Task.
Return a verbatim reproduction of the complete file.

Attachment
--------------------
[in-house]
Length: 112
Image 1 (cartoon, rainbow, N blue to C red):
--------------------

[in-house]
Length: 112
Image 1 (cartoon, rainbow, N blue to C red):